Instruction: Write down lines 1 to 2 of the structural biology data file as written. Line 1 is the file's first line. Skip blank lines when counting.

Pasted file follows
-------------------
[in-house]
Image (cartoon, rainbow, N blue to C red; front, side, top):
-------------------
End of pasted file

[in-house]
Image (cartoon, rainbow, N blue to C red; front, side, top):